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Old August 22, 2018, 08:09 AM   #101
cw308
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Once you removed the bullet and powder the case didn't chamber , you would have to resize the case . Go back to the beginning , size , measure case length , trim if needed , chamfer inside and out . As others stated I hope your checking with a clean chamber . Setting up your sizing die to bottom out on the shellholder , remember to lube case body and around case neck lightly , I lube the inside of the necks also but that adds another cleaning step , try leaving the expander ball shaft slightly loose not locked down tight , will self center the expander when pulling through the neck , make sure the expander ball is set at the right height , see instructions . After all that I'm sure your cases will chamber.
Then after all that seat the bullet without a crimp and lower until it chambers forget about measuring for now let's see what it takes to chamber , DO THIS WITH OUT POWDER OR PRIMER , ONLY CASE AND BULLET.
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Old August 22, 2018, 07:24 PM   #102
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Maybe a dumb question... but the brass with removed bullet does have the primer. Is there a way to remove it or basically the brass is no good and just start out with other brass that doesn't have the primer?
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Old August 22, 2018, 08:21 PM   #103
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You can resize the brass just remembered to remove the decapping pin , keep the expander ball in position . It's best though with new clean brass , go through all the steps and record the measurements .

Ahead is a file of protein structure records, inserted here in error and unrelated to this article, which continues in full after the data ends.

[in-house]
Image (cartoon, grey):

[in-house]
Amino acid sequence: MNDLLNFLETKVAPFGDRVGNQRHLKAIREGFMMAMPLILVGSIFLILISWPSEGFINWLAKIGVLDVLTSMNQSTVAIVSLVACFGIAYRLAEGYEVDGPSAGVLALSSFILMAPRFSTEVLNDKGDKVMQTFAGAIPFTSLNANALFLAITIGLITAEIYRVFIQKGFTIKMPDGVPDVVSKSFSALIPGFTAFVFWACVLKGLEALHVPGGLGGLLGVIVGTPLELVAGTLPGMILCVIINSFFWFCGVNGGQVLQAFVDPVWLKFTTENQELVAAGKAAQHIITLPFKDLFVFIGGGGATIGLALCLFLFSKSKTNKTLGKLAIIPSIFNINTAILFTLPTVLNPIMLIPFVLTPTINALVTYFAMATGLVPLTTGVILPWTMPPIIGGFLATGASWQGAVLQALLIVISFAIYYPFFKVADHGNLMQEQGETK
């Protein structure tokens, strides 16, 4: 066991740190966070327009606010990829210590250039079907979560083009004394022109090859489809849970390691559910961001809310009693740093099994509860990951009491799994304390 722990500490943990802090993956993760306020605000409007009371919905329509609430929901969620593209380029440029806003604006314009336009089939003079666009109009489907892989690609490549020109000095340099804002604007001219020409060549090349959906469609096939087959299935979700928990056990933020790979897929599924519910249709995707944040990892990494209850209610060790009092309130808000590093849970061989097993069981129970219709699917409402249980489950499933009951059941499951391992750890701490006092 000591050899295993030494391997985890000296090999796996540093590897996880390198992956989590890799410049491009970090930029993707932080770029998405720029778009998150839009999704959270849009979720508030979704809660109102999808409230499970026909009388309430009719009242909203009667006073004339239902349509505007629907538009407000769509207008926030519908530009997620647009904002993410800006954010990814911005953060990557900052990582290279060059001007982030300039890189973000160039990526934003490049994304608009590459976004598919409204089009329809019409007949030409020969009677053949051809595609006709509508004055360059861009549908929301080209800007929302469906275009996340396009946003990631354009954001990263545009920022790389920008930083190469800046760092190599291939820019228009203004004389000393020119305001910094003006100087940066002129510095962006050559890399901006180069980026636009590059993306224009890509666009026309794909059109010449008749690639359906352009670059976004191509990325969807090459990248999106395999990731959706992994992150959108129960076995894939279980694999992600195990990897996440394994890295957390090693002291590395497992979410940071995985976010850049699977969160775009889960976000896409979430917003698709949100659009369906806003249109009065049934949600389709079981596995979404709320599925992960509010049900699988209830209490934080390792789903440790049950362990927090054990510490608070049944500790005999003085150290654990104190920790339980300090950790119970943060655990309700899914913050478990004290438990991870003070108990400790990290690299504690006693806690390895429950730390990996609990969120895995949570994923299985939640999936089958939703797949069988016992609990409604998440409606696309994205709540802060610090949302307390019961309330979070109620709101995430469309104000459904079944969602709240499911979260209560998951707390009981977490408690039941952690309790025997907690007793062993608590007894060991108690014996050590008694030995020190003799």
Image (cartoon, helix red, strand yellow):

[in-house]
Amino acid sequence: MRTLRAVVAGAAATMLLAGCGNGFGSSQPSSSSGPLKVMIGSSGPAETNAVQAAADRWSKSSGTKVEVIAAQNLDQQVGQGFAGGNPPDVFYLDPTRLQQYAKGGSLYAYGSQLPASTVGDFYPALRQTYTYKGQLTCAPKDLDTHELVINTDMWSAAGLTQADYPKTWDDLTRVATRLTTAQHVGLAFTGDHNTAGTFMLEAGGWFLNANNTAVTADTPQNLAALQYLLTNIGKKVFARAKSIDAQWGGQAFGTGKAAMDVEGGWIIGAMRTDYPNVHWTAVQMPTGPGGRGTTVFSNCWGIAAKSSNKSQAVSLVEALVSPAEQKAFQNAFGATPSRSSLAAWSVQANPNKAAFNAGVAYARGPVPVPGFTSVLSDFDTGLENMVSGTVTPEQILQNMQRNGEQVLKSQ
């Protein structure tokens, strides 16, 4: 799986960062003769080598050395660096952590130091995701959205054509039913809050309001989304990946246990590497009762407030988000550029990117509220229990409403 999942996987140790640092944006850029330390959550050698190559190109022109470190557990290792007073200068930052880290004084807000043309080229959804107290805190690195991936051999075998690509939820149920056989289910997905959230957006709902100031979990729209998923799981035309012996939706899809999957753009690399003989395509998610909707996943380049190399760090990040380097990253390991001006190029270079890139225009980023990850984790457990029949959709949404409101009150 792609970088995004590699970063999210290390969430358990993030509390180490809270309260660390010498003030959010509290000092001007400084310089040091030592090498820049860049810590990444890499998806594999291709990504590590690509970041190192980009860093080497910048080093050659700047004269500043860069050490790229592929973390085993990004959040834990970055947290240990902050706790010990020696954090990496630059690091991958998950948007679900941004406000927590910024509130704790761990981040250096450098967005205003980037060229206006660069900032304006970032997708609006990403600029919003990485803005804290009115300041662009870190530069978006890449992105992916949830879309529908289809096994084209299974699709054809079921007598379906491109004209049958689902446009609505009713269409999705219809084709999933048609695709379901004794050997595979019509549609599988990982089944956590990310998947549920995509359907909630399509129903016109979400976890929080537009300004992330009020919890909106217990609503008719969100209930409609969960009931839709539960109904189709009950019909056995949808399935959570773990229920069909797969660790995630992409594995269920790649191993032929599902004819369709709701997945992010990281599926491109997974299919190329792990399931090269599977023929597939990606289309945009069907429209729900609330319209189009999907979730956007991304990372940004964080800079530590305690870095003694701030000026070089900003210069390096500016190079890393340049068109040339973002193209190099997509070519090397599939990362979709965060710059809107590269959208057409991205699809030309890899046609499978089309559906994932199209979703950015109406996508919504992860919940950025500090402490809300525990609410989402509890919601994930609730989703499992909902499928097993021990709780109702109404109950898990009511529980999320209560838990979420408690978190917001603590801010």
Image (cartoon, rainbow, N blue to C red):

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Old August 22, 2018, 08:24 PM   #104
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Either what cw308 said (resize w/o the pin and/or use new brass)...

-- OR --

Just resize a case from a pulled bullet, pushing the primer out just as you would a spent primer ... just more slowly.
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Old August 22, 2018, 08:25 PM   #105
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Quote:
Originally Posted by ninosdemente View Post
Maybe a dumb question... but the brass with removed bullet does have the primer. Is there a way to remove it or basically the brass is no good and just start out with other brass that doesn't have the primer?
Not a dumb question. Just use your depriving die to remove the live primer. I do it all the time and have never had any problems. Throw away the primers when your done. Go slow. If that scares you then throw away the brass and go get some new brass. Probably would not hurt to do that and eliminate the brass from the equation. You dont need to resize new brass.
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Old August 23, 2018, 12:28 AM   #106
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I'd be doing both , removing the primers if you don't want to remove the de-priming pin from your FL die to salvage those cases . As well as starting over with new cases . Which ever you use first/next , Id just make up dummy rounds ( no primer or powder ) . This will allow you to more safely check the fit of the cartridges with less hassle if you get something wrong and need to start pulling bullets again .